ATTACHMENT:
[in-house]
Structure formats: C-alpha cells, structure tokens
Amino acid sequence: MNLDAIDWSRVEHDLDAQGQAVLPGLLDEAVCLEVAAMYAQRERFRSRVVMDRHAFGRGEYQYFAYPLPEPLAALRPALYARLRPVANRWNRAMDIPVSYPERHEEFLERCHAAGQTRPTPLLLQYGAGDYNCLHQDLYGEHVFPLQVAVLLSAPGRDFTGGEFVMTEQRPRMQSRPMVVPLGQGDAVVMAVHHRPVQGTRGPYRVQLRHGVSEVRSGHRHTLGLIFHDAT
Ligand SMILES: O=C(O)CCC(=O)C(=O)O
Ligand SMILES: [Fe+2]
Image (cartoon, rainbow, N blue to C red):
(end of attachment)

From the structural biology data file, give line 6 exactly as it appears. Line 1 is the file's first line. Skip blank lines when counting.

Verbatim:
Image (cartoon, rainbow, N blue to C red):